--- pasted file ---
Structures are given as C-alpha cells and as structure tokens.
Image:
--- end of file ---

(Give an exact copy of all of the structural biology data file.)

Structures are given as C-alpha cells and as structure tokens.
Image: